For the past decade, Greece has been fighting an economic disaster. Beginning in 2009, Greece’s financial crisis resulted in a budget deficit of approximately 13% of the country’s GDP—four times more than the 3% mandated limit. Therefore, Greece was forced to borrow 289 billion euros and adopt austerity measures, placing an enormous burden on the population. In turn, these economic pressures led to one of Greece’s worst mental health crises to date.
Greece’s Financial Crisis Affecting Employment and Mental Health
The decade-long recession and tax increases left many Greeks unemployed. The rate of unemployment rose to 27% and one-third of the population is currently living in poverty. In 2012, during the peak of the financial crisis, Areti Stabelou, a college graduate, expressed her depression to be linked to the rise in unemployment—a sentiment common among Greece’s youth. In a BBC interview, Stabelou talks about the mental health stigma Greece had once suffered from, saying mental health “was very difficult to talk about in those early years.”
However, as years passed and more Greeks were experiencing the toll of the crisis, Stabelou points out that they “more openly began talking about it.” The country’s financial crisis gave rise to a new awareness of mental health, which had previously been labeled as taboo.
The population’s sentiment toward mental health had vastly changed. A study found that in 2009, 63.1% of Greeks believed that depression is a sign of weakness. By 2014, the study found that the percentage dropped to 36%.
According to the founder of Greece’s sole suicide prevention center, Klimaka, the Greek Crisis was able to bring “problems that were being ignored to the forefront.” In 2008, merely 3.3% of the population had depression. By 2013, this percentage had more than doubled, with 12.3% of the population suffering from depression. Depression was not a new illness; however, the rising rates simply allowed for a new direction of the conversation to shift toward the mental disorder.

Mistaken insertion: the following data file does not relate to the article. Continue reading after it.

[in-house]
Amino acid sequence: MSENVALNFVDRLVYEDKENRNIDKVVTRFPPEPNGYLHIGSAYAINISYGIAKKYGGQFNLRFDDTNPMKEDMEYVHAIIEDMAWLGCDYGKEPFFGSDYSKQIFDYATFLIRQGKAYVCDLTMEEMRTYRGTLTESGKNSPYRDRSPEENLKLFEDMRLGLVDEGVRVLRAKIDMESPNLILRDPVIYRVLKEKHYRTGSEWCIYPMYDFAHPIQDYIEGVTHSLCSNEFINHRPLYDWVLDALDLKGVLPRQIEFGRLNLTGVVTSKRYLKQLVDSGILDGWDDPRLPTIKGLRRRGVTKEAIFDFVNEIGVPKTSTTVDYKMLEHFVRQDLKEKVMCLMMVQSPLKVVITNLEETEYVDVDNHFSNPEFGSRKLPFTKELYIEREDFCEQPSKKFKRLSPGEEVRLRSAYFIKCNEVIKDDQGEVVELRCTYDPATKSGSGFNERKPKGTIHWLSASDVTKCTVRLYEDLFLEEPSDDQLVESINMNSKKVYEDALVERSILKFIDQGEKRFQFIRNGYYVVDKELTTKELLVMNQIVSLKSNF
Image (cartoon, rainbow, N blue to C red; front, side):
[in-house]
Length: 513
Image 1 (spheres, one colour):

Addressing Mental Health in Greece
Following the rising issue in the nation, the Greek Orthodox Church took on a more tolerant approach to mental health. The Greek Orthodox Church has always considered suicide a sin and therefore, they do not provide a burial service to those who take their own life. Because of this, many suicides go unreported in order to protect the family from shame. However, Klimaka, Greece’s non-profit suicide prevention clinic, believes that now the Church has an important role in alleviating the stigma around suicide and overall, suicide rates. As of now, if the doctor has diagnosed the deceased with a mental illness, the Church will provide a burial service.
The Greek Health Ministry has also planned suicide awareness campaigns and has taken action to ensure that their practitioners are better prepared to detect depression. Between 2010 to 2015, there has been a 40% increase in suicides, making the rise in visibility an extremely important cause.
While Greeks are becoming more open and tolerant toward mental health, obstacles prevent the nation from achieving the right care for those in need. The financial crisis had led to a rise in the demand for psychological services. Yet, in 2011, the country’s annual budget on mental health was halved and has been further cut every year since. These budget cuts have caused a shortage of staff and supplies, making it difficult for the population to receive adequate care.
Greece’s financial crisis has led to new mental health awareness. However, mental health initiatives must continue to effectively care for those in need, especially following the financial crisis and the high unemployment rate.
– Maiya Falach